A Member of United Nations Interim Force in Lebanon (UNIFIL) stands guard next to the reported location of the launching of the four rockets at Israel, on the outskirts of the southern Lebanese port city of Tyre on August 22, 2013. (MAHMOUD ZAYYAT/AFP/Getty Images)

U.S. officials believe Hezbollah is smuggling advanced missile parts into Lebanon from Syria one by one, with the goal of upgrading their missile threat to Israel, the Wall Street Journal reports. The piecemeal smuggling is an attempt to evade Israeli air efforts to deter precisely such weapons movement.

Some components of a powerful antiship missile system have already been moved to Lebanon, according to previously undisclosed intelligence, while other systems that could target Israeli aircraft, ships and bases are being stored in expanded weapons depots under Hezbollah control in Syria, say current and former U.S. officials.

According to the Journal’s report, there are two main reasons for the large-scale stockpiling effort, which involve both Iran and Syria.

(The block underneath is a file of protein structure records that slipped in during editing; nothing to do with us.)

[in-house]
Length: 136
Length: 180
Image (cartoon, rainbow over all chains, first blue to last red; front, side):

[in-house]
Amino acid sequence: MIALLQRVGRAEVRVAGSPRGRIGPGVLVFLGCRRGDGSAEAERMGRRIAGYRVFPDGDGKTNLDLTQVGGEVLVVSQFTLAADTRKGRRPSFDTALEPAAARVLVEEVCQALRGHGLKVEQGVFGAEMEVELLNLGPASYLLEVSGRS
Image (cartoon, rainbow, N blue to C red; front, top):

Iran wants to upgrade Hezbollah’s arsenal to deter future Israeli strikes—either on Lebanon or on Iran’s nuclear program, U.S. and Israeli officials say. In addition, these officials said they believe the transfers were meant to induce Hezbollah to commit to protect Syrian President Bashar al-Assad as well as supply lines used by both his regime and Hezbollah.

Meanwhile, tensions in the country’s Hezbollah stronghold of Beirut are heightened after the explosion of a car bomb on Monday—the second in less than a week—which killed at least five people and injured more than 70.